Buddhist Non-Attachment

I recall staying at a Buddhist monastery outside of London, UK, in 2001. During an informal class taught by two monks, I gained some understanding of the concept of non-attachment, for the first time. Until then, I had only read about it and had consequently misunderstood the whole thing altogether. Spiritual books are sometimes overly theoretical since their authors lack direct experience of meditation.

Just like you have to study the alphabet before learning to read, it's vital to have a clear understanding of the fundamental spiritual teachings. It's true to say, that living in a spiritual community is one of the best ways to gain insight into spiritual teachings and practices. Buddhist monasticism for example, has cultivated spiritual wisdom for over 2500 years. That gives you an idea of the profound know-how.

This article offers a simple and practical introduction to the Buddhist teaching of non-attachment. Please keep in mind that attachment itself is universal. In other words, it's part of human nature and applies to everyone regardless of religious and cultural background.

I used to think that as a dedicated Buddhist meditator, you should lead a simple and minimalist lifestyle. To the very best of my understanding, non-attachment had to do with letting go of material things such as money, gadgets and cars. I was also convinced that it included parting with pleasures like alcohol, drugs and sex.

The term non-attachment can be quite misleading. Unless someone explains its true meaning, you may end up thinking along the lines of non-materialism and non-pleasure.

Non-Attachment Clearly Explained

The human mind loves to process thoughts and is sticky like glue. That means it attaches to feelings and thoughts, not unlike a prisoner who is holding on to the prison bars. This is the nature of the mind. Non-attachment is about observing, being aware of your feelings and thoughts without grasping them. Let me give you some examples:

- When you smell your favorite food, craving or desire arises. Your mind holds on to it, attaches to it. Clutching on to your feelings and thoughts is attachment. What is more, the mental processes are so subtle and speedy that most of us are unaware of them.

- When you are angry, many times you feed the anger with negative thoughts, not unlike pouring fuel on fire. Feeding and holding on to your anger is attachment.

- When you see a sexy model in the nude, sexual desire is triggered. Again, grasping your feelings and thoughts is attachment.

Please remember that non-attachment is an inner process that chiefly involves feelings and thoughts. That said, it's possible to live in a materialistic world without attaching or identifying with the corresponding feelings and thoughts.

- Imagine a young child that is walking by an ice-cream stand, hand-in-hand with her father. The kid sees the colorful ice-cream poster and starts to crave chocolate ice-cream. Unfortunately, her dad has left his wallet at home so he can't buy her anything. The girl screams and falls to the ground, because she can't accept not getting a scoop of her favorite ice-cream. He tries to reason with her, but to no avail.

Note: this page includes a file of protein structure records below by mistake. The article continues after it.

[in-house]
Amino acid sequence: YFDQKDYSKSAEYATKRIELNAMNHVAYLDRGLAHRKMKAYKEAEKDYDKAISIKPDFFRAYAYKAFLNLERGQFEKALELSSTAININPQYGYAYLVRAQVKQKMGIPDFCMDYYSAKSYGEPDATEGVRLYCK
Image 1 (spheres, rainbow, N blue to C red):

This clearly illustrates how attaching to your feelings and thoughts leads to unhappiness or suffering. You may argue that you're not a child, but I'm not sure it makes much difference. Let me take you through a couple of more examples...

- You have just lost your job and get upset with your boss for laying you off. Your negative thoughts feed the anger. Holding on to your feelings and thoughts is attachment, and as you know, anger is an unpleasant mental state.

By not attaching to your negative feelings and thoughts, you could focus wholeheartedly on finding a new job, without experiencing the anger. The truth is that most people are so numb that they don't even recognize that anger is unpleasant.

- You're on a romantic holiday with your girlfriend. It's early in the evening and the two of you are cuddling on the hotel bed. You get sexually aroused and want to make love to her. You are so excited, but she says no.

It's hard to stop while bathing in sexual desire. Can you clearly see how attaching to your feelings and thoughts leads to unpleasant mental states?

Mental processes are as fast as they are subtle, therefore it takes years of practice to become fully aware of them. When the Buddha pointed out not to cling to your feelings and thoughts, he put his finger on the very cause of human unhappiness or suffering. Simple yet deep.

By now you know what non-attachment is and isn't.

The benefits of non-attachment are lofty. Imagine flowing with life without clutching on to your feelings and thoughts. Living in a state of acceptance also makes for a soothing mental state. Everyone you meet enjoy your presence, since you have a pure mind and don't react with negative emotions.

Best of luck!

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